Collaborative: Vending Machine Class [15 pts]
Write the VendingMachine class so that it passes testVendingMachineClass, and uses the OOP constructs we learned this week as appropriate.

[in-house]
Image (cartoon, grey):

Hint: Make sure you're representing money properly wherever it might appear in the string representation of a Vending Machine. The test cases shown here don't cover every possible case...